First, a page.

Periodic total-body skin examination can increase the detection of thin (earlier stage) melanoma; however, controlled studies are needed to determine whether early detection would actually have an important effect on mortality. Additional questions remain about the ability of primary care clinicians to perform adequate examinations in the context of usual care. Studies of skin health behaviors and studies of factors associated with advanced melanoma suggest that older persons are at high risk and are unlikely to benefit from existing skin cancer prevention efforts such as public education and clinician education efforts regarding sun avoidance and/or sun protection. While it is unproven, skin cancer screening (using a risk assessment strategy with examination or referral of high-risk patients) is the most promising strategy for addressing the excess burden of disease in older persons. Since most elderly individuals consult a clinician at least yearly, case finding by clinicians focusing on the elderly may reach vulnerable individuals who may not benefit from other approaches.


Appendix A: U.S. Preventive Services Task Force Recommendations and Ratings

The Task Force grades its recommendations according to one of 5 classifications (A, B, C, D, I) reflecting the strength of evidence and magnitude of net benefit (benefits minus harms):


A. The USPSTF strongly recommends that clinicians routinely provide [the service] to eligible patients. The USPSTF found good evidence that [the service] improves important health outcomes and concludes that benefits substantially outweigh harms.


B. The USPSTF recommends that clinicians routinely provide [this service] to eligible patients. The USPSTF found at least fair evidence that [the service] improves important health outcomes and concludes that benefits outweigh harms.


C. The USPSTF makes no recommendation for or against routine provision of [the service]. The USPSTF found at least fair evidence that [the service] can improve health outcomes but concludes that the balance of benefits and harms is too close to justify a general recommendation.


D. The USPSTF recommends against routinely providing [the service] to asymptomatic patients. The USPSTF found at least fair evidence that [the service] is ineffective or that harms outweigh benefits.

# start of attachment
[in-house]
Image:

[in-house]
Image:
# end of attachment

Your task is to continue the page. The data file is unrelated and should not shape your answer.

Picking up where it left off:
I. The USPSTF concludes that the evidence is insufficient to recommend for or against routinely providing [the service]. Evidence that the [service] is effective is lacking, of poor quality, or conflicting and the balance of benefits and harms cannot be determined.


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Appendix B: U.S. Preventive Services Task Force Strength of Overall Evidence

The USPSTF grades the quality of the overall evidence for a service on a 3-point scale (good, fair, poor):


Good: Evidence includes consistent results from well-designed, well-conducted studies in representative populations that directly assess effects on health outcomes.


Fair: Evidence is sufficient to determine effects on health outcomes, but the strength of the evidence is limited by the number, quality, or consistency of the individual studies, generalizability to routine practice, or indirect nature of the evidence on health outcomes.


Poor: Evidence is insufficient to assess the effects on health outcomes because of limited number or power of studies, important flaws in their design or conduct, gaps in the chain of evidence, or lack of information on important health outcomes.


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1. U.S. Preventive Services Task Force. Guide to clinical preventive services, 2nd ed. Washington, DC: Office of Disease Prevention and Health Promotion, U.S. Government Printing Office, 1996. [Context Link]


2. Helfand M, Jahon SM, Eden KB, Frame PS, Orleans CT. Screening for skin cancer. Am J Prev Med 2001;47-58. [Context Link]


3. Helfand M, Mahon SM, Eden KB. Screening for skin cancer. Systematic evidence review. Pub. No. AHRQ01-S002. Rockville, MD: Agency for Healthcare Research and Quality, 2001. [Context Link]


4. Feightner J.W. Prevention of skin cancer. In: Canadian Task Force on the Periodic Health Examination. Canadian guide to clinical preventive health care. Ottawa: Health Canada, 1994; 850-59. [Context Link]


5. American Cancer Society. Melanoma: Detection and Symptoms. Available at: Accessed February 15, 2001. [Context Link]


6. Ferrini RL, Perlman M, Hill L: American College of Preventive Medicine policy statement: screening for skin cancer. Am J Prev Med 1998; 14:80-2. [Context Link]


7. American College of Obstetricians and Gynecologists Committee on Gynecologic Practice. Primary and preventive care: periodic assessments. Committee opinion no. 246. Washington, DC: American College of Obstetricians and Gynecologists, Dec 2000. [Context Link]


8. NIH Consensus Development Panel on Early Melanoma. Diagnosis and treatment of early melanoma. JAMA 1992;268:1314-19. [Context Link]


9. National Health and Medical Research Council. Guidelines for preventive interventions in primary health care: cardiovascular disease and cancer. Report of the Assessment of Preventive Activities in the Health Care System Initiative. Canberra, Australia: National Health and Medical Research Council, Commonwealth of Australia, Dec 1996. [Context Link]